Excited to see what you have showing up in your CRM, you go to the contact search and create a group for each of the lead sources.

Then you ad a utm_source and utm_campaign name so you know which of your leads came from these specific marketing efforts.

After you have groups built for Facebook, Instagram and Google you can fill in the next part of your chart.

Now you want to see how many became customers, and so you create a new contact search for each of the channels and include “Person Type is Client” lead type to understand how many customers you got from your campaign.

As you finish creating your groups of purchases for all of your channels you start to see the full funnel picture.

So you learn that at first you were thinking that instagram was your best lead source because your cost per visit was the lowest.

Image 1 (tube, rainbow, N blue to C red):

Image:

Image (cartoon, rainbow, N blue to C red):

In reality, it looks like that your cheapest Cost per Customer was Google AdWords.

However there is 1 more step, and that is looking at the REVENUE you generated.

With the $165/m product you are selling:

ChannelSpendCost Per CustomerRevenue Over 12 MonthsReturn on Ad Spend (ROAS)
Facebook (Meta)$1,0001$1,000$1,980$0.981X
Google Adwords$1,0006$166$11,880$10.8811X

Based on what you know by being able to use Lead Attribution in Keap to show you the rest of your marketing funnel you can now make an informed decision.

Yes, each of these campaigns is positive.

For every dollar you spend on facebook you make $0.98 back. We would never say no to making money for your business.

What if you could take the $1,000 on facebook spend and split it across Instagram and Google AdWords?

What would that mean for your revenue!? 

You are now a Marketing SUPER SLEUTH!!

The moral of the story

  • With existing analytics tools you can only see anonymous visitors and you don’t get the full picture of how your marketing spend is performing 
  • Using Keap Lead Attribution, you can track your leads and determine which sources are actually performing the best
  • Keap will automatically capture this information and report on it for you if you add utm_parameters to any New Landing Pages, Public Forms, or Checkout Pages.